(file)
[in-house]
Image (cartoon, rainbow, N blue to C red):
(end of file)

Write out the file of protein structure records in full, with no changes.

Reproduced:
[in-house]
Image (cartoon, rainbow, N blue to C red):